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The medieval army ratio by Imperator-Zor The medieval army ratio by Imperator-Zor
This is a general ratio that I came up with in regards to the armies which could be fielded by a typical medieval society. This is something of an upper limit and at the same time it does not represent the offensive power a nation could muster. Many systems for raising troops had a lot of troops who served as police and because armies moved slowly you'd often need a fair number of local garrisons to hold back attack.

If i got it wrong, i'll adjust as necessary.

Used a combination of east Asian and European design influences for the designs of these guys.
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:iconpattontank12:
pattontank12 Featured By Owner Jan 5, 2018
You know I was thinking of a scenario where thanks to some better farming techniques, technology and possibly magic it only requires 30 peasants to support ten townsfolk. Who in tern with some slightly better production techniques can support twice as many of either tipe of warrior. While that doesn't seem like much at first it would have huge ripple effects on the general wealth and standard of living for a pre industrial society.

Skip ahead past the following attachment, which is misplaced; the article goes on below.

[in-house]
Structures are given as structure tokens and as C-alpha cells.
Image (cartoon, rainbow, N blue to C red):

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:iconimperator-zor:
Imperator-Zor Featured By Owner Jan 5, 2018
At that point you are approaching the productivity at the beginning of the Industrial Revolution. In that cast you would be able to support something akin to Revolutionary France's Levy En Masse, where you can conscript all men from 18 to 25 to serve in your army and outfit them reasonably well.
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:iconpattontank12:
pattontank12 Featured By Owner Jan 9, 2018
Though I was thinking there'd be a lack of black powder weaponry. So perhaps a form of pike and shot, only replaced with crossbows would be popular. Mixed with the occasional armored horse mounted knight has elite shock troops.
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:iconlordvurtax:
LordVurtax Featured By Owner Apr 29, 2016  Hobbyist Digital Artist
What if we account for the fact that the work ethic in the Feudal Era was probably not as intense as many may imagine. Collectively, the Catholic Church had about 4 months worth of holidays and the general attitude seemed to be that men would do just enough to keep his way of life stable and spend much of his time on living and enjoying life.